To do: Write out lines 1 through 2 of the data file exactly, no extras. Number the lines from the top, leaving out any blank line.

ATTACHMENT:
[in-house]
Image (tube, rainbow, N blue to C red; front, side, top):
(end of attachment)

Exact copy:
[in-house]
Image (tube, rainbow, N blue to C red; front, side, top):